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Privilege: A Reader [Paperback]

Michael S. Kimmel , Abby L. Ferber
4.3 out of 5 stars  See all reviews (7 customer reviews)


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Privilege: A Reader Privilege: A Reader 5.0 out of 5 stars (1)
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Book Description

December 22, 2009 0813344263 978-0813344263 Second Edition
Innovative and thought-provoking, this timely anthology expands the concept of privilege in America beyond the traditional limiters of being white and male. In addition to readings from well-known authors in the field, this edition includes pieces from contemporary scholars breaking new ground in superordinate studies. Seventeen carefully selected essays explore the multifaceted aspects of privilege: how race, gender, class, and sexual preference interact in the lives of those who are privileged by one or more of these identities. Written from a variety of viewpoints, personal and analytic, the essays in this volume help students understand that “race” can mean white people, “gender” can mean men, and “sexuality” can mean heterosexuals.

I. MAKING PRIVILEGE VISIBLE
1. McIntosh, Peggy. “White Privilege and Male Privilege.”
2. Woods, Jewel.“Black Male Privilege.” *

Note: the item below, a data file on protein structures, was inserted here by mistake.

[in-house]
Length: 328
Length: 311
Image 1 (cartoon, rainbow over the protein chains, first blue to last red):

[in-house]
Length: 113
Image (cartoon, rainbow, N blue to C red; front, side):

3. Larew, John, “Why are Droves of Unqualified, Unprepared Kids Getting Into our Top Colleges?”
4. Dunbar-Ortiz, Roxanne. “On Being Okie.”
5. Messner, Michael A. “Becoming 100% Straight” 
6. Rochlin, M. “The Heterosexual Questionnaire.” 
II. UNDERSTANDING PRIVILEGE
7. Johnson, Allan. “Privilege Power and Difference and Us,” from Privilege Power and Difference.*
8. Brodkin Sacks, Karen. “How Jews Became White”
9. Kimmel, Michael S. “Masculinity as Homophobia.” 
10. Wise, Tim. “Anti-Racist Reflections From an Angry White Male.” *
11. Kendall, Diana. “Class in the United States: Not Only Alive but Reproducing.” *
III. EXAMINING INTERSECTIONS
12. Redding, Maureen T. “Invisibility/Hypervisibility: The Paradox of Normative Whiteness.” *
13. hooks, bell. “Class and Race: The New Black Elite.”
14. Bérubé, Allan. “How Gay Stays White and What Kind of White it Stays.”
IV. MOVING FORWARD
15. Thompson, Becky. “Subverting Racism From Within.”
16. Hill Collins, Patricia. “Toward a New Vision.” 
17.Ferber, Abby. “Dismantling Privilege and Becoming an Ally.” *


Editorial Reviews

Review

Praise for the First Edition